I have noticed a lot of black spotted leaves, and dropping of the new red leaves in one area recently, and not all of them bloomed this year, so I will probably be fi... read more


On Apr 30, 2004, Paulwhwest from Irving (Dallas area), TX (Zone 8a) wrote:

These plants are fast growing, drought tolerant, disease resistant, and beautiful. When the flowers cover a plant it has a gorgeous effect, and the berries are equally pretty. They get very large, and their foliage is pretty all through the year, but especially in the spring.


On Apr 30, 2004, anix from Houston, TX wrote:

I have 4 of these planted in front of a 2 slat fence along my driveway and I absolutely love them. We bought the house 8 years ago and we prune them heavily twice a year (June & January) to keep a beautiful 5' x 20' "living fence" between our property and the neighbors. The picture I've uploaded was taken in October and doesn't show them in all their glory with the beautiful red tips but gives and idea of how nicely they can keep their shape.


On Mar 14, 2004, PeteG from Bristol,
United Kingdom (Zone 9a) wrote:

I have found that the standard form is much more controllable and consistent than the bush forms - the 'head' tends to form more-or-less naturally. Here in South-western UK the Fraser Photinia seems quite happy all year round. I have, though, had difficulties with mould when raising cuttings (probably because I tend to overwater!)


On Nov 18, 2003, Terry from Murfreesboro, TN (Zone 7a) wrote:

I personally don't care for the poor "Red-Tipped Photinia", but I temper my dislike with the knowledge that they are often planted in the wrong location, and then torturously pruned to maintain a certain height and width. If they are allowed to grow in their natural form, and bloom, they can be fairly attractive.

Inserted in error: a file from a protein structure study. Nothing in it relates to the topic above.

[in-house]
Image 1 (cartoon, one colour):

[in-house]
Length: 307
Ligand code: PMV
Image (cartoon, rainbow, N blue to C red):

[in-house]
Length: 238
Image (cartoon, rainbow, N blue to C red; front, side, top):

However, they are subject to problems with blight, and there are almost always better choices for foundation plantings :)


On Sep 5, 2003, htop from San Antonio, TX (Zone 8b) wrote:

San Antonio, TX
Entomosporium leaf spot, a fungus, will cause gradual thinning, defoliation, and death of the plant. As soon as you observe dark spots on the leaves and/or browning (especially in clusters), spray a fungicide, such as thiophanate methyl (e.g. Cleary 3336) or myclobutanil (e.g. Systhane)at 7-day intervals as long as signs of disease are present. Some garden centers are not selling photinia due to this devastating disease becoming so widespread. One of my neighbors planted these the whole lenghth of his backyard fence and as foundation plantings in his front yard. There are only 2 pitiful looking ones still barely hanging on in his backyard and now the ones in the front are starting to die. I had 2 specimens in front of my house (planted by the housing developer when I... read more


On Sep 4, 2003, suncatcheracres from Old Town, FL wrote:

This plant is grown all over the Southern USA, where is is quite overused as a hedge plant. Unfortunately it gets some kind of leaf spot and/or fireblight that makes it very unattractive, but doesn't seem to kill the plants. They just linger for years, looking very ugly.

My Southern Living Garden Book says the original Fraser Photinia was developed in the early 1940's at the Fraser nursery in Birmingham, Alabama, and was called 'Birmingham.' It was developed as a mildew resistant Photinia but still requires spraying for the fungus-induced leaf spot. Better varieties are 'Indian Princess,' which has smaller leaves, and 'Red Robin,' a variety with more compact growth and more disease resistance. The highly pruned photinias with masses of flowers pictured abov... read more